> Such ‘computational folkloristics’ raise a big question: what can algorithms tell us about the stories we love to read? Any proposed answer seems to point to as many uncertainties as it resolves, especially as AI technologies grow in power. Can literature really be sliced up into computable bits of ‘information’, or is there something about the experience of reading that is irreducible? Could AI enhance literary interpretation, or will it alter the field of literary criticism beyond recognition? And could algorithms ever derive meaning from books in the way humans do, or even produce literature themselves?
> Francis told the Belgian Catholic weekly “Tertio” that spreading disinformation was “probably the greatest damage that the media can do” and using communications for this rather than to educate the public amounted to a sin. source: Reuters
On 8 Dec. 2016, the bot “Editing New York Times” documented how the online editors changed the wording of a headline about climate change from “dissenter” to “denier.”
The Berlin Translators’ Stammtisch, an association of German-to-English translations, recently debated this wording, coming to the conclusion that “dissenter” is inappropriate because one dissents from an opinion. Someone who argues against widely accepted facts should be designated as a denier, as in “Holocaust denier.”
Documentation on Twitter
> The International Librarians Network (ILN) peer mentoring program is a facilitated program aimed at helping librarians develop international networks. We believe that innovation and inspiration can cross borders, and that spreading our networks beyond our home countries can make us better at what we do. (Source)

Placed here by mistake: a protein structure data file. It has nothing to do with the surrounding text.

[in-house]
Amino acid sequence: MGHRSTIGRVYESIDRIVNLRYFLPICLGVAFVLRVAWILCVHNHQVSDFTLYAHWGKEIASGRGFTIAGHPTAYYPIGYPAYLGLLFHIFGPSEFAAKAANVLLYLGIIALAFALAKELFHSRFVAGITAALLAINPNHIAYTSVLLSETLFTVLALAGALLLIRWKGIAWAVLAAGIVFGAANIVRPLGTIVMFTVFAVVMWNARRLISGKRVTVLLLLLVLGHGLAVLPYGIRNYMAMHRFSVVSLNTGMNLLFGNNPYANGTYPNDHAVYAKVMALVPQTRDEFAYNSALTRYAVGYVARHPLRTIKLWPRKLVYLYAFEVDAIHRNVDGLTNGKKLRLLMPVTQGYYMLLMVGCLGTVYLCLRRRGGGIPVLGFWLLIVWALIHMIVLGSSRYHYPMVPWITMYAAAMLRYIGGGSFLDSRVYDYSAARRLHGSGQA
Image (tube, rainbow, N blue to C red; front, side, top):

Being intimidated by the prospect of a “full-size” blog, I joined Tumblr in February 2011. Since then I’ve shamelessly promoted my “name” and stalked down as many libraries/librarians on the site as I could find. I’ve connected with libraries, librarians, library students, publishers, writers, readers, Doctor Who fanatics, and cat lovers. I even linked up with LJ and got to write my first “Backtalk” piece.
Days later, my now current employer reached out after reading the piece, complimented my writing, and told me about an opening at their company. I was in immediately for an interview, and a week or so after that, received an offer. Just like that, I’m a working librarian. source: Library Journal
Brennan’s career in meme librarianism began in graduate school at Rutgers, where she received a master’s in library science […]. But instead of heading to a brick-and-mortar library, Brennan continued documenting online phenomena at Know Your Meme and then at Tumblr, where she solidified her profession as information desk for doge, mmm whatcha say and the other viral Internet sensations in need of classification, categorization and preservation.